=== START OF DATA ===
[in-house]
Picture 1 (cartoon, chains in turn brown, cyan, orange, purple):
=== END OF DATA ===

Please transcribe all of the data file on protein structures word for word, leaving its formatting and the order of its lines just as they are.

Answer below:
[in-house]
Picture 1 (cartoon, chains in turn brown, cyan, orange, purple):